I learnt to eat spinach. Look mommy, my muscles now grow. To do what…
Small Circles, Other Circles
And in all this effort to prevent suicide, what about those who are very sick and in pain. Or old. And when they think of a clean way to leave earth, is that suicidal ideation? A lack of ability to continue to engage with the world? Should they be pilled? Therapised?
I remember a woman, I called her sister, didi, who lived upstairs with her other sister. They both were unmarried for we-don’t-know-reasons. And one sister died in a two-wheeler accident. And the other fell in a separate incident, they say, and broke her back. And that one day she fell from the terrace, I am told. What was that about? Lack of coping? A history of shame around unmarried women? Trace of grief of losing a sister, a close friend?
And where do you draw the lines between you-must-cope and I-understand? What is this imperative of living?
And I remember the neighbour lady when I was a child of ten years of age. One day she burnt in her kitchen. Was that a stove that accidentally burst, a woman who burnt herself, or was she burnt? How often are murders passed as suicide? And how often are suicides converted to murders to serve the interests of those who live?
Abetment of suicide. A law. And before that there was another law in India which criminalized suicide. After you attempted suicide, there was a possibility of being arrested for having dared to harm your life. And at that time, life was owned by the state. Now there are no FIRs, no possibility of bribing police officers to hide the incident. But the trace of that law continues. In the abetment clause. That space when suicide becomes murder.
And even when the law is not invoked, the social guilt is invoked. For those who survive someone who died by suicide. What did each person fail to do that would have made a difference? The closer the relationship, the greater the unsaid accusation, the finger-pointing, the sense of culpability.
The structures of social guilt that demand new ways to be, and sometimes a withdrawal, a scarring, spilling over to other relationships.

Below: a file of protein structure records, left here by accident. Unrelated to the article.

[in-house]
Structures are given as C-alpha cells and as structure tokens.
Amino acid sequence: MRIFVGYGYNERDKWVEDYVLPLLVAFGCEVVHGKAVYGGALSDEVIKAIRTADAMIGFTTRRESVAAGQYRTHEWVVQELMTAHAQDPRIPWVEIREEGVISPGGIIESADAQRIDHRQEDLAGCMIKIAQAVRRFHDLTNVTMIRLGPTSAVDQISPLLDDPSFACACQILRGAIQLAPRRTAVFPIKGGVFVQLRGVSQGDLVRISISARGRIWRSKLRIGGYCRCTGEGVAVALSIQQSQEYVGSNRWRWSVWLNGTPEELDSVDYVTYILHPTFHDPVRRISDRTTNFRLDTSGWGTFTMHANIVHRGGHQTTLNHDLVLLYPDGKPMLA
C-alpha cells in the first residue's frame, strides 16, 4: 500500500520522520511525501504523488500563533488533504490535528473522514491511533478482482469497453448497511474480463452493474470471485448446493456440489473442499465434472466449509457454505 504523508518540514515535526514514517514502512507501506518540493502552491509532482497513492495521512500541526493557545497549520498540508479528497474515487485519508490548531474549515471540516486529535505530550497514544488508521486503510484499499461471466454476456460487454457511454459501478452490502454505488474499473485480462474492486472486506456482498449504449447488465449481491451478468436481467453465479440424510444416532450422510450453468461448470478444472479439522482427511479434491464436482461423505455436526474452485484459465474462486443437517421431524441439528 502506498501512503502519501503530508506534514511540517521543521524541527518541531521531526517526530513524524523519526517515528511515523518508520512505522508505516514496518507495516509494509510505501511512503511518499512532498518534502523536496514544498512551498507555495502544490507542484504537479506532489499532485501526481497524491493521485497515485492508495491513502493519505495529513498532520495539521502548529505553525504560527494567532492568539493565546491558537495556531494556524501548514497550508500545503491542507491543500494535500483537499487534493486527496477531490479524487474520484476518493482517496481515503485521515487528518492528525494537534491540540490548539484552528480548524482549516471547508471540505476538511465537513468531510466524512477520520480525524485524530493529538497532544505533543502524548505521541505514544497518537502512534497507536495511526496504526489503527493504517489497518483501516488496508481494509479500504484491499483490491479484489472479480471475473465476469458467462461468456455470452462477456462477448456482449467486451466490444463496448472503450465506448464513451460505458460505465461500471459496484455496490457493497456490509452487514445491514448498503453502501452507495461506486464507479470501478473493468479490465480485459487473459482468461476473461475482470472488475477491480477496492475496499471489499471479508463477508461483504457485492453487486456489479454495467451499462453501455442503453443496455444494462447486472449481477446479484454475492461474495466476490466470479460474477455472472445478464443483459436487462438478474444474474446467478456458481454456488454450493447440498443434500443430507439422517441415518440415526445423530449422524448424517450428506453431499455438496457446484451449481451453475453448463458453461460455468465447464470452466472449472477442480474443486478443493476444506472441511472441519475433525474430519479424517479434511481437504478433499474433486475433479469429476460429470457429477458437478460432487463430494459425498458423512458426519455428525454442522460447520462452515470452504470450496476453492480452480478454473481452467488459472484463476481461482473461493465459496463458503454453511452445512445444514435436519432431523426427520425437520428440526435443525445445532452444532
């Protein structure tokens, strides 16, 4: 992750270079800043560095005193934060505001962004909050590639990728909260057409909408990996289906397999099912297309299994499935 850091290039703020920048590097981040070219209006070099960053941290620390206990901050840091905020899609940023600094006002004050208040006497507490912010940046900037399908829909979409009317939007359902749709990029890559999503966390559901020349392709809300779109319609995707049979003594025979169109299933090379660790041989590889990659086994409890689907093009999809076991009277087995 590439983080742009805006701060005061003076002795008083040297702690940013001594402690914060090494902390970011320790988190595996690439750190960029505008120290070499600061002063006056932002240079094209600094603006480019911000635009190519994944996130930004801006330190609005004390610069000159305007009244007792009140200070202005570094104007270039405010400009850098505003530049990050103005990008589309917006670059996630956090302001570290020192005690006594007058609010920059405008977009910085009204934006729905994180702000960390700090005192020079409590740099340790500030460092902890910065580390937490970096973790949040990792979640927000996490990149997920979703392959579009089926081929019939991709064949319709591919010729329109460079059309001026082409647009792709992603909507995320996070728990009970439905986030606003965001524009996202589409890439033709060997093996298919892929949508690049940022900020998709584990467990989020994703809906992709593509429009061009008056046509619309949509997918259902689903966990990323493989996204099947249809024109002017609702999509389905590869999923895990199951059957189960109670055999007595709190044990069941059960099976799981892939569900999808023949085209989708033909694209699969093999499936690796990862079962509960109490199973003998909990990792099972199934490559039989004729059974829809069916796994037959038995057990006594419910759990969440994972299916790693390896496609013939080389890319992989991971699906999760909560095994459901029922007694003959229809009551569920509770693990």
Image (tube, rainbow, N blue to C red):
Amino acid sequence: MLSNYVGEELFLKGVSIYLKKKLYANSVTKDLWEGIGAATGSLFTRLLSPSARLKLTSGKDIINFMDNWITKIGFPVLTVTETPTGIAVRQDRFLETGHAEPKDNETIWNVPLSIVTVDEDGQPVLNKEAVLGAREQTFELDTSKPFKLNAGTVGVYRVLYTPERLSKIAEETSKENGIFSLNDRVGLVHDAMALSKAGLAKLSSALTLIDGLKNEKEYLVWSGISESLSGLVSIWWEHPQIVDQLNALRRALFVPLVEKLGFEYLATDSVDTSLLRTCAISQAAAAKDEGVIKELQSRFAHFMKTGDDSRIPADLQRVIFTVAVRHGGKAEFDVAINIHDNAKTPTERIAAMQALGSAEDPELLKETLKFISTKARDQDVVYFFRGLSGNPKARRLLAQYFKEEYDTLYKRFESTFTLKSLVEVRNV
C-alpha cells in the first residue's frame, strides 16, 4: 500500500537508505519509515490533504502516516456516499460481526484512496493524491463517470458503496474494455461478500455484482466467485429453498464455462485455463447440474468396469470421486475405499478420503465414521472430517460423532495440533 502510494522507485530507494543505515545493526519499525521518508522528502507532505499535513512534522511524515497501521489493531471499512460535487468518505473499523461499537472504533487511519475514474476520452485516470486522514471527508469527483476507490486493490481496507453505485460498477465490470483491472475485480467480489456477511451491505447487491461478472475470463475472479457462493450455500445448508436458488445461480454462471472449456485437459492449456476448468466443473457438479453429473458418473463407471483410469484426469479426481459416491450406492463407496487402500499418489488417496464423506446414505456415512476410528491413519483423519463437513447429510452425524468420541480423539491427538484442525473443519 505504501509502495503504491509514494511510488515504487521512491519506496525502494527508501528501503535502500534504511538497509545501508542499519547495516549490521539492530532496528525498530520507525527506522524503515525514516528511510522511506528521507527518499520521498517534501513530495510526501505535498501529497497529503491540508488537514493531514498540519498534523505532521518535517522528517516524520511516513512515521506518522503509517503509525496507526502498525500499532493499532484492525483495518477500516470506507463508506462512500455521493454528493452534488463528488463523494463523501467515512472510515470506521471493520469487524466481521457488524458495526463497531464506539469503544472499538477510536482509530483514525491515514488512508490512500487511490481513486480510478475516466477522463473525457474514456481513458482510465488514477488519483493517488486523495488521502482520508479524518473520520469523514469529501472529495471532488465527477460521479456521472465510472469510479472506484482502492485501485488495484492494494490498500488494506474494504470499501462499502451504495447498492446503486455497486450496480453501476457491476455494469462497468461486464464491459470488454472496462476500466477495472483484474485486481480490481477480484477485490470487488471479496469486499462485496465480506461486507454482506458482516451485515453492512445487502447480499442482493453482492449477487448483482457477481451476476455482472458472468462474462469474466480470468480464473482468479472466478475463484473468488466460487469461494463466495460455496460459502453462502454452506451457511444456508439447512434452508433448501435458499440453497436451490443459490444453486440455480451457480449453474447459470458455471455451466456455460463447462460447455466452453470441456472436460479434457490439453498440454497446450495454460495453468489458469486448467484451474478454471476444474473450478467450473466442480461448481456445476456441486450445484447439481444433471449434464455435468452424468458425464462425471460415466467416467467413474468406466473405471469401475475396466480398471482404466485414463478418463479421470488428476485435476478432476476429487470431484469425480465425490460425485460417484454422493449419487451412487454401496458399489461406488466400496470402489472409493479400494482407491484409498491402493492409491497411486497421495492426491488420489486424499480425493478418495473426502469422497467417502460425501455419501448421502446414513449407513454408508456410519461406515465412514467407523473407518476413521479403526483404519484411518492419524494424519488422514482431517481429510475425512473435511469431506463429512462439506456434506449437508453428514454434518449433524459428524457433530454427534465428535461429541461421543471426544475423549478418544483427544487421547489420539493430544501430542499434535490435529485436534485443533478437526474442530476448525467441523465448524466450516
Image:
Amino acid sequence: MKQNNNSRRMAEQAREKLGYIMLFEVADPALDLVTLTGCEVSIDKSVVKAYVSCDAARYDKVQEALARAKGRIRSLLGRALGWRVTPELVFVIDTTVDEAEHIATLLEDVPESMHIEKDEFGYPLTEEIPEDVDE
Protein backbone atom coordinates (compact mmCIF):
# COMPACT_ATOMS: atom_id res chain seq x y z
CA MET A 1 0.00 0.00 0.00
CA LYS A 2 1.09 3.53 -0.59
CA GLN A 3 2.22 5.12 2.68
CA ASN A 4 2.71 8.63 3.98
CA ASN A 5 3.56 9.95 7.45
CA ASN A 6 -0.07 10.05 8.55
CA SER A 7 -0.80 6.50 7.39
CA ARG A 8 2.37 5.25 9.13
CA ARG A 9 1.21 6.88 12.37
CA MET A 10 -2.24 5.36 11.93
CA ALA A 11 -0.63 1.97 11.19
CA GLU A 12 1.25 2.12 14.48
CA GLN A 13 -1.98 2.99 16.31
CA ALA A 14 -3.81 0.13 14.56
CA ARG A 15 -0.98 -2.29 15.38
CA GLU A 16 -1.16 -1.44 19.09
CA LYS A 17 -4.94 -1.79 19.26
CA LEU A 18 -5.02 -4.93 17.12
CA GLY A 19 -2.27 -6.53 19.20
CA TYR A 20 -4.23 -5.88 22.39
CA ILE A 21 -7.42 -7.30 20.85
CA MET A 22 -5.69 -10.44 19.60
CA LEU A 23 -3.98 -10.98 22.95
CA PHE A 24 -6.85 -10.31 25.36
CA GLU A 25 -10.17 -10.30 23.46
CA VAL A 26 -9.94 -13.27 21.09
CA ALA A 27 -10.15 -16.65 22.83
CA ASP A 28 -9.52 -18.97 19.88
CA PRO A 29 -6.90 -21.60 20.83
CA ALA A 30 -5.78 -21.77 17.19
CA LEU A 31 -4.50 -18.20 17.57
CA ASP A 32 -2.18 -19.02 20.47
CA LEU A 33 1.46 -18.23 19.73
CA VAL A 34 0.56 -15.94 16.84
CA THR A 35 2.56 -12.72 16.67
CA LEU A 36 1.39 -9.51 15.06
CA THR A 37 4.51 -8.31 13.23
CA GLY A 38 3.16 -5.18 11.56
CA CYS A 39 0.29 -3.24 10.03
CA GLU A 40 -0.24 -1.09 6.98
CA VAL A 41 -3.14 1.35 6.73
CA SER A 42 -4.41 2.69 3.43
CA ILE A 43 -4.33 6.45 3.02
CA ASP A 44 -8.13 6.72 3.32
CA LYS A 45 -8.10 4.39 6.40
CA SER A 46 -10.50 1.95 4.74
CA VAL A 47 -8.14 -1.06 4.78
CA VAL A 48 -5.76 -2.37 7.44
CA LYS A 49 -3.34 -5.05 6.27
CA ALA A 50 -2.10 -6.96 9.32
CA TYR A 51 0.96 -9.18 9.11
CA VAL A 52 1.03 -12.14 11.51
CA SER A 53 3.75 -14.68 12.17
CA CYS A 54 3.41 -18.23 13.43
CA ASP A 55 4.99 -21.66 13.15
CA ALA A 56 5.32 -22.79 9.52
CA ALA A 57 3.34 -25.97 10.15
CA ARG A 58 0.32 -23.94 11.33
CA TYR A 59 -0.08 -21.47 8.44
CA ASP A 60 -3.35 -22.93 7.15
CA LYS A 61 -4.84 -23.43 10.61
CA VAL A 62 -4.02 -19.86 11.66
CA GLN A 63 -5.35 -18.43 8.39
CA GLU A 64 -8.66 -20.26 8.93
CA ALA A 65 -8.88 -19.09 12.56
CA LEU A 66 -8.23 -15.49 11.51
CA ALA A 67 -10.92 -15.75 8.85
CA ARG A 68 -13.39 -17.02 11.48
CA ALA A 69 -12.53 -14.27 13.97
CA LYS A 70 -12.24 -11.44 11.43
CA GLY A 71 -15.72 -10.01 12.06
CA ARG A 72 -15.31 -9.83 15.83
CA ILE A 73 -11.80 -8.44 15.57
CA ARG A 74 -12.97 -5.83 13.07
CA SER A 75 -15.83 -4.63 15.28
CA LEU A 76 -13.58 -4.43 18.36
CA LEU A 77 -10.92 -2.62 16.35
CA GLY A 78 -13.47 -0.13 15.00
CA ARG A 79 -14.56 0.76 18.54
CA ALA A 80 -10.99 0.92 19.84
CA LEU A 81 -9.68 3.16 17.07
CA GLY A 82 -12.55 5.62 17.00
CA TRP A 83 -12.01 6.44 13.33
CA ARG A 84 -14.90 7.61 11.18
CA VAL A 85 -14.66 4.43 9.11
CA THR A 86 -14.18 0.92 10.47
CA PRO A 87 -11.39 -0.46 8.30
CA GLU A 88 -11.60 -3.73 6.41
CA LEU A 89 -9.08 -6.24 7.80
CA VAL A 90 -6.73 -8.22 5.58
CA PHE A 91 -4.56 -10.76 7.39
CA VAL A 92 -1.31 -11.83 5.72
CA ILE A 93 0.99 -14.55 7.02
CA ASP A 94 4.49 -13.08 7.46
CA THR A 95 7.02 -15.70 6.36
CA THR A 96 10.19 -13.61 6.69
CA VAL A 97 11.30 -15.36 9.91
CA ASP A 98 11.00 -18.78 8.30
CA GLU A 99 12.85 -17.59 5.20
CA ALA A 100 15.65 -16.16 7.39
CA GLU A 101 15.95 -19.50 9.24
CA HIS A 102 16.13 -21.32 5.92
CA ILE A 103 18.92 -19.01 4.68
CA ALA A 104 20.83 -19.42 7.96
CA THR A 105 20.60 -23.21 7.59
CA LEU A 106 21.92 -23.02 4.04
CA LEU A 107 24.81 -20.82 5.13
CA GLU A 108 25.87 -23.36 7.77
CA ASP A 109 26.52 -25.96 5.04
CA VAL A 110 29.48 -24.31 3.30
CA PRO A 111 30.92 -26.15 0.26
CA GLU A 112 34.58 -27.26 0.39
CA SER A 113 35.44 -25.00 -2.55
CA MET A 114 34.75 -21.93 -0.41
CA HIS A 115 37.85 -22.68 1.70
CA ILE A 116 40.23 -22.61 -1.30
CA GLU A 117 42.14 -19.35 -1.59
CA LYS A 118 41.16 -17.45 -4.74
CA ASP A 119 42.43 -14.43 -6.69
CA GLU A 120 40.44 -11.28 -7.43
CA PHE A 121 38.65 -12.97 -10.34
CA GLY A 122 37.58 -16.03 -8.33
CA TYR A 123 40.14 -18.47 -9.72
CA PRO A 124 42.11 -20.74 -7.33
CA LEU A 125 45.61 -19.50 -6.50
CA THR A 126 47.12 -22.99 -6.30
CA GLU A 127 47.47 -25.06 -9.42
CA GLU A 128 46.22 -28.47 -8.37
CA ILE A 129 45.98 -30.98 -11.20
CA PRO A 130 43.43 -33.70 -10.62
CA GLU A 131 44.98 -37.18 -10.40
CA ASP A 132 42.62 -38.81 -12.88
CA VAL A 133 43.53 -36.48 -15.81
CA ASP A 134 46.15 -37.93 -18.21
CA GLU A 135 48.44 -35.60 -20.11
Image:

This guilt also used by those who threaten suicide – a way of shaming, blaming, a way of manipulating into accepting certain ways of relating. Because you did not do xyz, I suffer.
And why is suicidal ideation not a planning for a genocide? For when we kill our bodies, don’t we also kill 60 trillion organisms belonging to 10,000 microbial species who live on our skin, our organs, our gut? Why is suicide not a genocide? A planetary devastation?
Where does the edge of self begin? Where on that edge does the other emerge? And where does history begin and where exactly do I say, I am here in the moment?
And in all this, whose suicides are talked about and whose not. Whose suicide brews hashtags, poems, songs of grief and love, of crowds milling on streets.
Yesterday P. Sainath tweeted 330,000 farmers have died by suicide in India. Mostly men. Died why? Because of inability to ask for a loan? Or repay a loan? Or ask for more loan? Hounding by collectors? Or of a history that is sliding away, a profession that is no longer status worthy, a collective sense of unbelonging to a world that has hop-skip-leapt away, a loss that preceded the loss of income?
And are those suicidal ideations? Requiring pills? Therapy to cope better with the unbelonging? Strangely our solutions for farmer suicides are different. Change economy, they say. Respect farmers, they say. Our annadata. As if they farmers are only their professions, not humans in relationships with other humans and institutions and structures and histories and rules and norms.
You can’t make money out of those who have no money, no? I mean the banks tried and failed. Why would the drug industry and medical industry bring their suicide discourse to the pastoral lands of India?
And why are those who live in city in not-agriculture professions not treated with an economic restructure, to a change in social structures? Posters declaring – Respect Teens. They are our Future. Respect Single Women. They are torchbearers of Change.
And whose suicide is a relief to a burdened system, crumbling from suicidal people giving services to other may-become suicidal people.
The difference that makes the Difference
And when is suicidal ideation not necessarily a desire to end life but to explore the edges of living, like how some experiment with psychedelics. Like how some race cars. When winning includes and builds on that energy of suicidal ideation. Do we think of putting them on pills, sending them to sit in a therapist office, create an insurance clause – “death by car racing is covered clause pertaining to self-harm and other related injuries.”
Like how some join military and go fight on the battlefronts. And isn’t war a suicidal ideation?
And how similar is winning a war to winning exams, winning job and business opportunities, winning partners, gaining lands and houses and children.
And where exactly do we cease to ideate suicidally and live?